Glioblastoma, a particularly aggressive and deadly brain cancer, has been back in the news recently because of the passing and the funeral of John McCain. Other prominent figures, including Ted Kennedy and Beau Biden, son of the former vice president, Joe Biden, have also succumbed to this cruel killer.
Martin Oaks Cemetery and Crematory does not keep any type of formal statistical index of causes of death of clients who are serviced here. But we know of cases of Glioblastoma, and frankly, it is not a rare condition.
Numbers we have seen suggest that about 3 in 100,000 contract the condition; it is said to be the second most common brain tumor, just behind meningioma.
The survival prognosis reminds of us of pancreatic cancer: bleak. Most perish within 15 months, some five – ten percent battle on for as long as ten years. Other sources show a much faster rate of mortality.
Several types of glioblastoma exist: the primary or de novo, and secondary (slower growing, but still aggressive).
What are the symptoms?
In John McCain’s case, they were headaches and dizziness.
The list of symptoms includes: persistent headaches, nausea and vomiting, changes in vision, memory loss, hearing loss, weakness in one part of the body, emotional mood swings, drooping eyelids, uncontrollable eye movements, seizures, dizziness, confusion, disorientation, difficulties with swallowing or speech.
Obviously, only a professional can diagnose this complicated condition, but all agree, any of these symptoms should not be ignored. Also obvious is the fact that the above symptoms are not always indicators glioblastoma.
Sophisticated brain imaging techniques followed by a biopsy are required to make a definitive conclusion.
What are the treatment steps?
Surgery (if possible), chemotherapy, radiation, the full range of medical interventions can be used.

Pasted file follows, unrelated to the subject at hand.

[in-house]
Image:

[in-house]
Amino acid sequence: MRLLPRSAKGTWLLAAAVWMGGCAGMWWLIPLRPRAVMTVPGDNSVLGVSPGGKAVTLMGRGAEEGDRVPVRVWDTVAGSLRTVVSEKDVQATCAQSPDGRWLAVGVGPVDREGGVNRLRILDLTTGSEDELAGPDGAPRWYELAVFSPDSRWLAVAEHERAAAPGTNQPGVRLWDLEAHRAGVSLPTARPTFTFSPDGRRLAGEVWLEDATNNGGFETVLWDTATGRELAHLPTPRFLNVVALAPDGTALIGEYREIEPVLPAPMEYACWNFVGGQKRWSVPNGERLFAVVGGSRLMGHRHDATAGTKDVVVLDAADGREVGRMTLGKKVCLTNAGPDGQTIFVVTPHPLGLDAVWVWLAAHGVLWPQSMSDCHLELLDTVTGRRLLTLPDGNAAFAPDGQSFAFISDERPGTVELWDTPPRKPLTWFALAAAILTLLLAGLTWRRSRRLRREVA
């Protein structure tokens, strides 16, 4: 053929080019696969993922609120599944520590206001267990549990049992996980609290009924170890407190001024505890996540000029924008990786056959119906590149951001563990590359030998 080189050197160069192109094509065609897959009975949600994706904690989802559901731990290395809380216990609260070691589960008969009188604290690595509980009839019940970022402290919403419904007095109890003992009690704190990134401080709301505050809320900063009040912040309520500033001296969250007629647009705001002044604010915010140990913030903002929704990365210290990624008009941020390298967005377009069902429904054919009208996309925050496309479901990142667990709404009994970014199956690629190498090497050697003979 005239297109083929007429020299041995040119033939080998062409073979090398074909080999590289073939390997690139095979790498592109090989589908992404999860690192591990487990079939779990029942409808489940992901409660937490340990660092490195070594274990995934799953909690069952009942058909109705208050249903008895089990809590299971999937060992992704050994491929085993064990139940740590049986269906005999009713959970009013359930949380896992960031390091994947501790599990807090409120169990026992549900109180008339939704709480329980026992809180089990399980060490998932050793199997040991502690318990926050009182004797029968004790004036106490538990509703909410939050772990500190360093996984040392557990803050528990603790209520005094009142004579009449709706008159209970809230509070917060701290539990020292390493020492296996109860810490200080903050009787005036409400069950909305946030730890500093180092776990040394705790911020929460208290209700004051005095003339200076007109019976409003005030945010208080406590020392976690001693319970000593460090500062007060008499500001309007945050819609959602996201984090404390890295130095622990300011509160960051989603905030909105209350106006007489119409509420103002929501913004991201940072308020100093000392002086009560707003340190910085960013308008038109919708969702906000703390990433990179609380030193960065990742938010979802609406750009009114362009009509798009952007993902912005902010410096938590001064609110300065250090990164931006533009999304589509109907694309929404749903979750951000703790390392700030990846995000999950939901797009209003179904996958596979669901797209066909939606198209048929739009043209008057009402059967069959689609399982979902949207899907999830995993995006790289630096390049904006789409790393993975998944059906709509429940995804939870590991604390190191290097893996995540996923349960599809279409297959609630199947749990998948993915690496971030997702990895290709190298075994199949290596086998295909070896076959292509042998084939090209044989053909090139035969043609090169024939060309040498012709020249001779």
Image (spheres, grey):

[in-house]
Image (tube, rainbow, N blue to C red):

The nefarious nature of glioblastoma complicates the matter. It migrates and infiltrates in a manner that makes it difficult to remove all of the growth: so, surgery, chemo and radiation are unlikely to provide prolonged remission.
Although breakthroughs in treatment are yet to be seen, scientists say that there is a lot of promising research being done.
The director of the brain tumor program at the University of California at Los Angeles, Linda Liau, says: “One of the biggest challenges of the disease is that it is so heterogenous. That it is so different in every patient, and not every part of the tumor is the same. You are playing whack-a-mole, trying to kill all of the different kinds of cells.”
New drugs are being developed and they are being applied in different combinations with old drugs.
Data from drug tests continue to be evaluated, no stone is being left unturned.
Even the surgical procedures are being refined in an on-going manner. Because the harmful cells spread throughout the brain like tentacles, and because these cells are not always visible, surgical intervention is problematic. Removing the growths, while not disturbing other areas which may result in other issues — this demands an incredible skill set. Advances in computerized mapping of the brain helps, but this procedure is still extremely taxing, fraught with risk.
Post-surgery radiation usually last five or six weeks. Research has focused on various applications of radiation, including increasing the dosage, mindful, however, of the danger this presents.
Dr. Jim Olson pioneered a technique that employs a fluorescent dye which allows surgeons to
discern what is normal tissue and what is malignant growth. Olson has made the point that when you are dealing with a bulky brain tumor, it figures out a way to protect itself from both chemotherapy and radiation.
Another researcher, Dr. Eric Holland, put together a data base where a patient’s history is matched with other patients in order to target the best possible treatment options.
Experts say slow progress is being made, cause for hope does exist.
Unfortunately, there are no easy answers when it comes to glioblastoma.